David Jones A$400m spend will bring transform retailer, add touch of theatre after years of neglect says new CEO
By Yasameen Noorian

Australia’s David Jones sees major challenges ahead. It won’t go downmarket under its new owners. It will reconnect with its customers. It will bring …

Feb 16, 2015
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Australia’s David Jones sees major challenges ahead. It won’t go downmarket under its new owners. It will reconnect with its customers. It will bring a touch of theatre to its business. Oh, and the whole organisation will be transformed in the next few years. Those were the messages from David Jones’s still-new CEO Iain Nairn on Monday as the department store group announced an investment programme of over A$400m.

South Africa’s Woolworths Holdings is to invest heavily in its recently-acquired department store group, rolling out 10 new stores, refurbishing existing units, and upgrading an operating system the CEO described as “awful”.

But awful wasn’t the only word he used to describe the chain he now heads with the executive “shocked” by some of what he found, including “archaic” systems and loyalty programmes that reach very few customers.

And it can’t be denied that something had to be done with David Jones having emerged from several years where it was battered by management issues, falling sales, a confident arch-rival in Myer and the onslaught of international retailers both physically and online.

The major investment to be made over five years will challenge Myer and counter the threat of those overseas fashion brands and e-commerce continuing to make major inroads into its domestic market.

“Historically David Jones was the iconic brand in the southern hemisphere but it kind of lost its way over the last few years,” Iain Nairn – who previously ran Country Road and Witchery for Woolworths – said. “Around the world we’ve seen a resurgence of Selfridges and Bonmarché and La Rinascente in Italy – they’ve all been on this journey [but] David Jones has been behind the eight ball and we are determined to put it back in its rightful position.”

Bold words. But what’s the detail? Nairn said the investment will touch every aspect of the David Jones experience, from its fashion and accessories offer in store and online, to loyalty programmes and technology.

The retailer has hired an international designer to work on the look of the next David Jones store, which is slated to open in 2016.

“We are really looking at ¬reintroducing theatre into the business, whether it be… continual pop-up stores or much more digital in the store to give us a richer content for customers as they flow through the store.’’

The in-store changes would also include reducing floor space for homewares and childrenswear which typically recorded less earnings per square metre than other better performing lines such as beauty and womenswear, Nairn said.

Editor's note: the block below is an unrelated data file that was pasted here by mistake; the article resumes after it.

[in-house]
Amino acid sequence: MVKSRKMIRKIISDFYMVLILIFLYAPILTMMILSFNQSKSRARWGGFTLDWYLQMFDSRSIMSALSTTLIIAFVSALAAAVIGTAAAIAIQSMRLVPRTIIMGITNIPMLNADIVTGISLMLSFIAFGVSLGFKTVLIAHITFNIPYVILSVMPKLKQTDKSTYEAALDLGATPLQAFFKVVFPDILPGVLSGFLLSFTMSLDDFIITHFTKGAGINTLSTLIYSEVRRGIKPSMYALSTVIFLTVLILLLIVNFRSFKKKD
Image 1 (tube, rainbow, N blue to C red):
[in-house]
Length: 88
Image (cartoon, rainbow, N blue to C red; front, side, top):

He promised that by next Christmas its current store network would look “radically different”, in terms of visual merchandise, concession stores and the theatre of the retail space, with 1,600 concession sites alone to be shifted.

Nairn said the new store network would reflect the outcome of extensive research: “We have a very good understanding now who our customer is, where they shop with us and also most importantly outside our store, and this is something the business hasn’t done historically so we are now diving into that.

He added: “It’s about fashion, it’s about brand, it’s about the look for the season.’’

Meanwhile, Nairn said he was “shocked” at what he found when he finally took over his Sydney office

“The systems that David Jones have are so archaic,” he said. “The retail inventory method of accounting they use does not allow you to get down to the detail of profit per SKU,” he said, and there was no way of knowing when to replenish own-buy stock when it had sold out.

“I’ve been in retailing for 30 years and the last time I saw this methodology of accounting was 20 years ago.”

Rather than building a completely new retail accounting system, Nairn will piggyback off the Country Road or Woolworths Oracle systems. “Both are state of the art, tier 1 systems with sophisticated planning and product management systems and replenishment modelling.”

Nairn and his boss, Woolworths chief executive Ian Moir, were also shocked to find that David Jones could not communicate directly with 94% of its customers because it lacked a sophisticated customer relationship management system. Nairn and his team are looking at several options for a new customer loyalty scheme.

The loyalty scheme plans to have up to 5m members and allow David Jones to understand the spending habits of its customer base.

“In this day and age you start the relationship with a customer generally through a digital one,” said Narin, adding: “At the moment we don’t have that strong ability.’’

Nairn, 53, took the helm in August after Woolworths Holdings outlaid $2.1bn for David Jones and $213m to buy out minority shareholders, including Solomon Lew, in Country Road.


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